- Types of IPO
- The most relevant late stage venture capital opportunities
- Other Types
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- The Best Stocks to Buy for 2020
- How to Get Shares BEFORE The IPO
- Problems and Risk of IPO’s
- Pre-IPO Investing: How to Get Stock in an IPO
- Invest before the IPO
- Listing Markets
- Main Market
- Alternative Investment Market (AIM)
- Nasdaq Private Market would aim to list ‘private growth companies’
- Professional Securities Market (PSM)
- Other Stock Exchanges
- USA – New York Stock Exchange
- Australian Securities Exchange
- Deutsche Borse
- Hong Kong Stock Exchange
- Singapore Stock Exchange
- Tokyo Stock Exchange
- Timing of IPO
- MANAGING YOUR MONEY
- Pre-IPO: Selection of an IPO Team
- Pre-IPO: Selection of an IPO Team
If you require additional IPO information please get in contact with CFPro Today.
Types of IPO
There are many types of IPO a private limited company can use to list on the stock market.
An Initial Public Offer can use a combination of Fixed Price or Book Building Methods.
In the Fixed Price method shares are offered in advance to the investor. The Issue price is disclosed in the final Prospectus, which will go into detail regarding the variables that justify the price.
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The Final Price may not be in the draft prospectus as factors that determine the price may change during the period from filing to going public.
In this method, underwriters try to establish a price which to offer the IPO, based on interest shown by private investors.
Book building involves ‘building orders’ from these investors based on the number of shares requested and at what price they are willing to pay.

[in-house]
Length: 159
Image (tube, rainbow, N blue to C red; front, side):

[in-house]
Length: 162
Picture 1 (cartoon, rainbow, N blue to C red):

In this case, interested investors need to registrar an interest before ‘closing of the book’. Potential Investors are not made aware of the price in advance, only an indicative price range is known.
Once this happens the underwriter will establish an initial selling price for the offering.
This method of IPO involves a private company buying enough shares in order to qualify as the controller of the publicly traded company.
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The private company then exchanges its shares in the public company, this is when the private company complete the reverse takeover and becomes a publicly traded company.
One Advantage of this method is the fact the expensive fees associated with the IPO process are not necessary. Avoiding regulatory requirements and longer timescales involved with performing an IPO from the start.
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But on the contrary, the company does not gain any funds through the transaction. With the name of the company performing the reverse IPO becoming the name of the publicly traded company.
Known as an “exit strategy” for initial private investors to gain money out of what they invested in the company.
How to Get Shares BEFORE The IPO
This involves selling shares to the public as an alternative to being acquired by another company.
Problems and Risk of IPO’s